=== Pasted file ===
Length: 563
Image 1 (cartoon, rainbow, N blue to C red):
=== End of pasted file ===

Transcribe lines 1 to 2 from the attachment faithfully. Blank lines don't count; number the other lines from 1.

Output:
Length: 563
Image 1 (cartoon, rainbow, N blue to C red):